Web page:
As the first and only Chinese Crown Counsel at that time, his court appearances were widely reported in the popular press, which meant that, when he did embark upon private practice, his reputation was firmly established and there was no shortage of clients. Indeed, Patrick tells me that, as one of the first Chinese barristers, he was especially passionate about facilitating better representation in criminal trials for Chinese defendants from poorer backgrounds who, not surprisingly, often failed to understand the niceties of the western criminal process. His most laudable aim was to secure justice for them and many benefited greatly from his services.

His fearsome intellectual ability, especially in the arena of cross-examination, made him a leading light at the criminal bar. His outstanding forensic skills were aided by a photographic memory so that, when conducting a lengthy trial, he could recall exactly what each witness had said without needing to refer to any notes.

Patrick was invited to accept appointment as a judge of the Supreme Court of Hong Kong by three consecutive Chief Justices but again declined on the grounds of the discriminatory terms of employment.

Mr Pro-Chancellor, it was during this time that Patrick was appointed to the University and Polytechnic Grants Committee where he played a leading role in the establishment of the Law School at this University. Indeed, given the fact that there was opposition from some weighty quarters, it was probably only as a result of his persuasive arguments that the Law School was established at that time. He was indeed endorsing his strong belief that Hong Kong required its own law school to enable good students from less financially privileged backgrounds to study law. The fruits of his endeavour are clear to see, since so many local students, who could not have afforded to study overseas, now grace the topmost ranks of our legal profession.

Indeed Patrick's very high moral principles are legendary. His firm stand by resigning from the legal department of Government and declining appointment to the Bench on the grounds of discrimination (which he said was insulting) was, in the context of the day, very brave. Patrick also declined to become a Queen's Counsel (the normal progression for eminent lawyers) in the belief that recognition should come from what one has achieved, without the need for applying for recognition of such achievements.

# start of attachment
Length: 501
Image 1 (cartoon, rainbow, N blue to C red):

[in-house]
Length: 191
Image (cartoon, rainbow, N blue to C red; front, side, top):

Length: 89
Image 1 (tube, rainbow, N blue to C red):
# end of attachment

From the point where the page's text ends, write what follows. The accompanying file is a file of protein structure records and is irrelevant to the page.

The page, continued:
In 1983, after 30 years of eminently successful practice, Patrick retired. He became an autobiographer and has published two well-received memoirs 'A Seventh Child and the Law' and 'Tales from No 9 Ice House Street'. In particular I like a photograph of a very well-dressed Patrick standing on a punt on the river which is captioned 'Patrick on a punt before he fell into the River Isis'! I assume from the fact of his later eminent career that he could swim!

Mr Pro-Chancellor, I would like to end my citation by mentioning a personal memory of Patrick. Patrick often came to our Law Faculty to speak on formal occasions. The last time I heard him speak to a group of students at this University, I recall clearly his standing bolt upright, no lectern, no notes and delivering a prepared speech entirely from memory with no hesitation and no mistakes. He must have been in his eighties at the time and this was a most impressive performance. His integrity, moral courage and dignity are unsurpassed. He is indeed legendary.

Mr Pro-Chancellor

It is my honour and privilege to present to you Patrick Yu Shuk-siu for the award of Doctor of Laws honoris causa, in absentia.

Citation written and delivered by Professor Michael Wilkinson, the Public Orator.